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Ecclestone explains why he feels medals will work

NEWS STORY
15/12/2008

With the FIA announcing that it will use "market research" in order to gauge public opinion regarding Bernie Ecclestone's proposal for the Drivers' Championship to be based on a medal-based system as opposed to points - which have been used since the championship began in 1950 - the F1 supremo has used his own website (formula1.com) to explain the thinking behind his proposal.

"My idea is that instead of points we should award medals to the drivers finishing first to third in a race," explained Ecclestone, "gold for the winner, silver for the second placed driver and bronze for the driver who comes third.

"The title will be awarded to the driver who wins the most gold medals in a season," he continued, "and if there were a tie, the number of silver medals won would be taken into account (and if still tied, it would be decided by bronze medals and so on)."

Asked to explain the reasoning behind the idea, he said: "It will make Formula One a much more exciting spectacle because it will incentivise drivers to race to win. We should see much more overtaking, drivers will take more chances and they will race each other all the way to the chequered flag. At the moment, quite often we see drivers settling for second, third or fourth position, and the race can be dull in the final stint after the last round of pit stops. The drivers aren't to blame, they're racers, but the scoring system forces them to be too conservative. As things are, if they want to take the title, it is better to settle for a few, safe points rather than chase down the guy in front and risk going home with no points.

"This is Formula One, the pinnacle of world motorsport," he continued, "and only the best driver should win the title. Being a Formula One world champion is not about being a consistent and reliable runner-up. It's about racing hard, taking chances and not settling for second best. Last year, Hamilton was leading the drivers' championship before he had even secured his maiden win. Likewise, after Canada this year, Kubica led the drivers' championship on points even though Hamilton, Massa and Raikkonen had all won more races. Lewis and Robert are both extremely talented, but I don't think the system should produce that kind of result. It shouldn't be possible for someone to be crowned world champion without winning a single race, but that really could happen unless we change the scoring system."

However, while Ecclestone wants to see the Drivers' Championship decided on medals, he wishes to see the Constructors' Championship continue as is, based on points.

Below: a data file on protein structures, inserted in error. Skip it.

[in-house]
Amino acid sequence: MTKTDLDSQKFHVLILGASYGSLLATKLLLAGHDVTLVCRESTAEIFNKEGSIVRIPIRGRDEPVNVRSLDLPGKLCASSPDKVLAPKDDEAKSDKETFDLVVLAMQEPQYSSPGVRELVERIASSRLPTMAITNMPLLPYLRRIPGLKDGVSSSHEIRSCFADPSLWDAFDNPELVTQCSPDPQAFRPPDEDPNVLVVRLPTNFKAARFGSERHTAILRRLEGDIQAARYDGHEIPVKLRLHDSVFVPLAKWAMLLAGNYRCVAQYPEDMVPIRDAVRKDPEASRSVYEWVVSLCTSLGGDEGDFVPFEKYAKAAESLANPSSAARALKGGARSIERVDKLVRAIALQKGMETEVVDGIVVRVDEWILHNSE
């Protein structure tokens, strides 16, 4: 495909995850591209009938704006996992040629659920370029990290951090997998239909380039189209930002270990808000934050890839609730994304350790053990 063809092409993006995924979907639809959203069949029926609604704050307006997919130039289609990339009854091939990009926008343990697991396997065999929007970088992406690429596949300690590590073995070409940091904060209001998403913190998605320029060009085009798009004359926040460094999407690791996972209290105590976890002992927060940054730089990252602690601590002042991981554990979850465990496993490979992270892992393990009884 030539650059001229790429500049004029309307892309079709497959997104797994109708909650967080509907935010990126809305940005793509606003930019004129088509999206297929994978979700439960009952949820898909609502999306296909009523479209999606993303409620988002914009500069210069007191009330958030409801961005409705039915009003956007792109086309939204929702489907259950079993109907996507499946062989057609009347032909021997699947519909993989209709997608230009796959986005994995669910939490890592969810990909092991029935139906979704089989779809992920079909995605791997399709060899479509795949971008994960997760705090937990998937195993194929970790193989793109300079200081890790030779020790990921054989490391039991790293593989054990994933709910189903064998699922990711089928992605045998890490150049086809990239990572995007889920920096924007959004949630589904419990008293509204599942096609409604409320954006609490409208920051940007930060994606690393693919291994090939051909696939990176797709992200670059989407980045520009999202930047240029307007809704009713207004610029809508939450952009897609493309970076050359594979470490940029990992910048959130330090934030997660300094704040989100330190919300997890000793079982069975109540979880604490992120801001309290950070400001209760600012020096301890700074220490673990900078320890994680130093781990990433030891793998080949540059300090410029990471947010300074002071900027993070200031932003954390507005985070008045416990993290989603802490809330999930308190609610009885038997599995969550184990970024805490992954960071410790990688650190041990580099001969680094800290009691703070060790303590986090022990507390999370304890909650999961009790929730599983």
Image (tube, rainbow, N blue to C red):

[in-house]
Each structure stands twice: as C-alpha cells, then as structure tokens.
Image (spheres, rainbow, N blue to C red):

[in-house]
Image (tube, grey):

"I think we should keep that as it is, awarding points for places 1 to 8 as we do now. For the teams, constructor points are purely a financial matter as they determine a team's share of the annual prize fund. Fighting for a point or two really matters to the teams further down the grid and I don't see any reason to change that.

"Back in 2003, we extended the points system down to eighth place which was great for the teams, especially the smaller ones, but it aggravated the problem with the drivers scoring system because by increasing the number of points for coming second from 6 to 8, we made the step from first to second place too shallow. That year, Michael won the title from Kimi by only two points but Michael had won six races whereas Kimi had won just one race. Kimi is a great driver and a natural racer but I don't think it would have been right had he won the title in that situation, however it nearly happened."

Amongst other things, there has been speculation that, in certain circumstances, a medal-based system could see the title fight decided long before the final race, the last thing that Ecclestone would want, hence the change to the points system in 2003.

"I think that can happen under any scoring system if one constructor dominates with a superior car," said Ecclestone, "but actually I think it is less likely under the gold medal system. With four or five races to go a driver who is three or four gold medals down could still win the championship, which is far less likely now if the difference between winning and second place is only two points."

F1 stats experts have worked out that had Ecclestone's proposal been in use this season, Lewis Hamilton would not have won the title, leading to claims that the F1 supremo didn't want to see the McLaren driver claim the crown. Not so, says Ecclestone.

"Rubbish! Lewis is a worthy world champion and nobody was more delighted than I was that he won. He was destined to be a champion and it was just a question of when, not if, he would win. The only thing I was uncomfortable about was that under the current system Lewis needed to finish only fifth in the last race to win the title and I don't think the fans go to races or switch on their TV to watch a great driver aim for fifth place. The want to see the best drivers in the world battling hard for a race win."

Despite the FIA's assurance that there will be 'market research' there are some who believe that much like the European Union or even Robert Mugabe, the 'great unwashed' will be asked for their opinion until they agree with Ecclestone's proposal, in other words, the F1 supremo will get his own way no matter what.

In a recent poll on Pitpass, over 95% of readers who voted, voted to retain the points system, even though there is no doubt that it needs overhauling. However, based on recent history, expect the medal-based system to be in place by 2010.

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